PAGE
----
This post has been corrected.
While the Ebola outbreak raged through Sierra Leone, Liberia, and Guinea in the summer of 2014, public life ground to a halt. The danger of congregating in groups meant that public institutions, like schools, shut down. But the months of sickness and segregation left a legacy for girls that’s only now starting to be felt: teenage pregnancy spiked, and some of the girls are now being victimized by the government’s education policies.
Data on teenage pregnancy in West Africa is difficult to obtain, especially as it’s often stigmatized and underreported. But Plan International, a children’s charity, said back in 2014 that teenage pregnancy rates in West Africa—already among some of the world’s highest—were on the rise. They pointed to enforced inactivity and lack of oversight: girls forced to stay out of school due to Ebola “become more vulnerable to sexual exploitation, sexual assault and rape.”
That grim story is now playing out. A study by the United Nations Development Programme said that in Sierra Leone teenage pregnancy increased by 65% due to the socioeconomic condition imposed by Ebola. A survey of 1,100 girls and boys, also in Sierra Leone, by Save the Children in June 2015 found that most girls interviewed thought teenage pregnancy was rising, and 10% said more girls were being forced to sell sex due to loss of family, and with it, financial security. Fear of sexual assault was common, and the children told stories of girls attacked and raped, even in Ebola-quarantined households.
Teen pregnancy rates were already high. In 2013, 28% of all girls aged 15-19 were already pregnant or had children, according to government data. Sierra Leone sees few rape convictions but violence against women is “commonplace,” UNDP said.
These higher rates, and the violence and lack of education that contributes to them, are bad enough. But Sierra Leone has also implemented a policy which seems designed to worsen the situation. Pregnant girls are excluded from school, and from taking tests: a policy that has been gathering strength for several years, but was reiterated by the country’s government in the wake of the Ebola epidemic. Leaders have said the presence of pregnant girls will “serve as a negative influence to other innocent girls,” and “encourage” them to get pregnant, according to a Nov. 6 report by Amnesty International.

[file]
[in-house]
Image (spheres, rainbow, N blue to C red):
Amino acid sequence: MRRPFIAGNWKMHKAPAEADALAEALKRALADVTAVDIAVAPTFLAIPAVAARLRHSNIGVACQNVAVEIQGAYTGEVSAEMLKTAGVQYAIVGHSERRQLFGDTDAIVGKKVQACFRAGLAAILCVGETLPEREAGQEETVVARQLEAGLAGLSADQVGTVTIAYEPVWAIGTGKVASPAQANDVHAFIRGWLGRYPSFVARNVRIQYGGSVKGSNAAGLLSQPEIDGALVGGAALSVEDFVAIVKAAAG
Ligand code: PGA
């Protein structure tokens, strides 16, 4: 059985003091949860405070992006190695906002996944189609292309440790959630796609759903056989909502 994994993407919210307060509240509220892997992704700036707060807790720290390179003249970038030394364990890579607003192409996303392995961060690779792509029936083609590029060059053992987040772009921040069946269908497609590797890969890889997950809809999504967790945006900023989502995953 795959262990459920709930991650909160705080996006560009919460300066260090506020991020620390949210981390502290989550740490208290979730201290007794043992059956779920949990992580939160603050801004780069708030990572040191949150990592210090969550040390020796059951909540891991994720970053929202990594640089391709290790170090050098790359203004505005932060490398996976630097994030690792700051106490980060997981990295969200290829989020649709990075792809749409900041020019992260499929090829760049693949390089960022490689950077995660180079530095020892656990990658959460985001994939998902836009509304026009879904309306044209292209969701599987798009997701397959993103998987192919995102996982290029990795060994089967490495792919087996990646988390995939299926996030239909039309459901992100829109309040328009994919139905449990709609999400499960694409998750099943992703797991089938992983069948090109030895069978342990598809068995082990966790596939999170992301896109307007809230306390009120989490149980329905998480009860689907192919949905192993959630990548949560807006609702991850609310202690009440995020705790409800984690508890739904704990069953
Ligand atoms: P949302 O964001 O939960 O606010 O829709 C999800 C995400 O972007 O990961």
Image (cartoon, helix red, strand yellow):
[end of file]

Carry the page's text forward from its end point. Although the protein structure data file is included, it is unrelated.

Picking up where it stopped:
Enforcement of the ban is up to school authorities, according to Amnesty interviews with mainly under-18 girls, which has led to widespread degrading treatment. Girls suspected of being pregnant were publicly examined, having their breasts or stomachs felt by teachers and nurses on school premises. Some were compelled by their schools to take urine tests.
The exclusion from education, and the public humiliation, amounts to an abuse of the girls’ human rights, Amnesty said. In May 2015, the government put in place some provisions for a “bridging” system, to teach an estimated 3,000 pregnant girls separately, and lessons began a couple of weeks ago. (Amnesty says the total number of pregnant teenages is much higher than that. It also notes that the “bridging” system does nothing to change girls’ exclusion, or the stigma attached to the ban).
Amnesty’s report notes that, even where “tests” are inadequate to keep pregnant girls out of education, shame does the rest. “Girls described acute embarrassment and fear at being subjected to this treatment when they tried to attend school or sit exams,” they wrote. Once girls have missed out on months of classes and key exams, have a child to look after, and are under more financial pressure than before, it becomes increasingly less likely they’ll ever go back to school.
Correction (Nov. 9): An earlier version of this story said “bridging” lessons had not yet begun, but UNICEF confirmed they began in October 2015.